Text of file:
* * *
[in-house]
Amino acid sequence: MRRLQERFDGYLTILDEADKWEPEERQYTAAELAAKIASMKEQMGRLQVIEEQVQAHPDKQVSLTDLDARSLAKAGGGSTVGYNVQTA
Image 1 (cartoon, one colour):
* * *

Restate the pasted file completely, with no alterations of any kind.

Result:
[in-house]
Amino acid sequence: MRRLQERFDGYLTILDEADKWEPEERQYTAAELAAKIASMKEQMGRLQVIEEQVQAHPDKQVSLTDLDARSLAKAGGGSTVGYNVQTA
Image 1 (cartoon, one colour):